Lost Pet Behavior
The following information is excerpted from the article "Lost Pet Behavior: How to Provide Recovery Tips that Save Lives", published in the Summer 2005 issue of PAWS TO THINK. Permission to reprint this article was given by the author, Kathy "Kat" Albrecht.
Missing Pet Partnership provides the following tips for successfully locating a missing pet. The methods that should be used to search for a lost dog, an outdoor-access cat that has vanished from its territory, and an indoor-only cat that has escaped outside are entirely different. Dogs travel and are picked up by rescuers who determine their fate. Understanding human and animal behaviors will increase the likelihood that lost pets will be found. Here's what we know so far:
Lost Cat Behavior
Cats are territorial. When an outdoor cat suddenly vanishes, it means that something has happened to the cat to interrupt its normal behavior of returning home. The cat could be injured, trapped, chased from its territory, or transported by a human. When this happens, the temperament of the cat will influence how it behaves.
The territory for an indoor-only cat is the inside of the home. When an indoor-only cat escapes outdoors, it is "displaced" into unfamiliar territory. Usually they will look for the first place to hide in silence as protection from predators. Using baited humane traps is highly effective for recovering displaced, panicked cats that are hiding.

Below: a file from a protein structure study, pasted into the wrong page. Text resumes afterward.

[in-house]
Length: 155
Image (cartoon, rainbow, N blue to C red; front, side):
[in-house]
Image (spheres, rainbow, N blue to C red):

Temperaments that Influence Distance Traveled:
- Curious / gregarious cats get into trouble easily, run to greet strangers, and are not easily frightened. When displaced, they may initially hide but then will likely TRAVEL. Strategy for recovery should be florescent posters within at least a 5 block radius and a thorough search if possible hiding places near the escape point. Do not assume the cat will come when you call.
- Care-less or aloof cats don't seem to care much about people. When displaced they will likely initially hide, but will eventually come back to the door, meow, or possibly travel. Strategy for recovery should include thorough search of possible hiding places and baited humane traps.
- Cautions cats are generally shy and hide from strangers. When displaced, they will hide in fear. If not frightened from their hiding place they will typically return to the escape point or will meow when the owner comes to look for them. This behavior is typical within the first 2 days or not until 7 - 10 days when they are hungry or thirsty. Strategy would be to conduct a tightly focused search in neighbors' yards and baited humane traps.
- Fearful or xenophobic cats are afraid of everything that is unfamiliar. When displaced, they bolt and hide in silence becoming almost immobilized with fear. If found by someone other than the owner, they may be mistaken for a feral cat. Strategy would be baited humane traps.
The primary technique to recover a missing cat should be to obtain permission from all neighbors to enter their yards and conduct an aggressive search for the missing cat and to set humane traps when necessary. Simply asking a neighbor to look for the lost cat is not sufficient! Neighbors are not going to crawl around on their bellies under their decks or houses to search for someone else's cat.